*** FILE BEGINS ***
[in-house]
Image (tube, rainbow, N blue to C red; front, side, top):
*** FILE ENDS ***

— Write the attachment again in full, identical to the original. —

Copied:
[in-house]
Image (tube, rainbow, N blue to C red; front, side, top):